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Disclaimer – I am NOT a professional – I’m a hobbiest – I’ve only been embroidering since December of 2013 – I found there is so little out there to help us learn how to complete an embroidery project from beginning to end, I thought I’d try to take some photos of the steps that I do in hopes that it might help someone else in the learning process. This may not be the “right” way, but it works for me.
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This tutorial is dedicated to learning techniques to machine embroider a kitchen towel. Since St. Patrick’s Day is quickly coming upon us, I chose an appropriate holiday design for my towel (design purchased at Embroidery Library – http://www.emblibrary.com/el/Products.aspx?Catalog=Emblibrary&ProductID=e3796). I purchased the burlap towel at All About Blanks (http://www.emblibrary.com/el/Products.aspx?Catalog=Emblibrary&ProductID=e3796). On with the tutorial…
For a square or rectangular project I start by pressing a center line down the entire length of the project. Here I folded the towel in half (long-wise – right sides together). This provides the horizontal centering line for the design.
Next, we need to create a vertical centering line. My design measures approximately 5″ in height, so I know I want half of that (2.5″) above my vertical centering line and half below. I also like to leave 3″ between the bottom of a kitchen towel the design, so I folded up the bottom of the towel (right sides together) and pressed the horizontal centering line at 5.5″.
Next I hoop medium weight tear away stabilizer in my 5×7 hoop and draw horizontal and vertical centering lines with my Frixion Erasable Gel Pen (http://www.joann.com/pilot-frixion-ball-erasable-gel-pens-open-stock-red/12200028.html).
Next I spray my stabilizer with a temporary adhesive. I use Sulky KK2000.
I use the centering lines drawn on my stabilizer and the pressed lines in my towel to help me center my towel on the hoop. First line up the fold with the drawn centering line, then unfold the towel (not shown) and match the opposite pressing line with the drawn centering line. The goal is to have the intersection point of the pressing lines in the same location as the intersection point of the drawn lines. Then I attach the hoop to my embroidery machine. This hooping process is called “floating.”
This is the control panel on my Brother PE-770 embroidery machine. I have already saved the design I want to sew-out from my computer to my flash drive. I’ve plugged my flash drive into the side of my machine. By touching this icon, I’m telling the machine I want to sew a design that is located on my flash drive. If you have a different machine, your control panel will likely look different, but there will be options to do the same steps – they may just look different.
Next I need to tell my machine WHICH design on my flash drive I want to sew. Scroll left or right until you see the design you want to sew out on the screen. Touch the design you want to sew.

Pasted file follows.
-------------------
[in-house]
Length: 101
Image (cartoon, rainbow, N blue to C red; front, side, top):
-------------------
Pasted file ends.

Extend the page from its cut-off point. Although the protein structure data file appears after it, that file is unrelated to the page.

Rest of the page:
Next you have to send the design from the flash drive to the machine – touch the
“upload” icon to send your selected design to the machine.
The hoop will do some shifting around, and will likely land in a place that isn’t at the center of your design. You need to tell the machine where the center of your design is. The pressed centering lines are easier to see than it appears in this photo. The goal is to center your needle hole at the very center of where the pressed centering lines intersect. Lining up the center of your project (the intersecting point of the pressing lines) with the center of the needle hole tells the machine where you want the center of your embroidered design to be.
To tell the machine where the center of your design is, choose “ADJUST” on the control panel.
Then choose “LAY-OUT”
Touch the arrows to move your hoop left or right and up or down to get your needle to fall exactly in the center of those intersecting pressing lines on your hooped project.
You don’t have to do this step if you don’t want to – I like to use it – I think Heat Away gives me a much cleaner sew-out, but it is optional if you just don’t want to use a “topper.” You can also use a water soluble stabilizer rather than Heat Away – both accomplish the same thing – I just prefer Heat Away.
Now that I’ve centered my needle with the pressed intersection center point
on my towel and have my Heat Away in place it’s time to push “GO!!”
I almost always use a basting stitch (unless it would make holes in my project that would be seen later – like leather purses or some canvas tote bags). I use a basting stitch file that I merge into my design as the first “stop.” I got my basting stitch files from Embroidery Garden and they were FREE! You can get those here:
After the basting stitch sews out, the machine will likely stop and wait for you to tell it that you are now ready to begin sewing your design. You might have more than two “stops” if you have several colors in your design.
And the sew-out is progressing nicely…
The final product.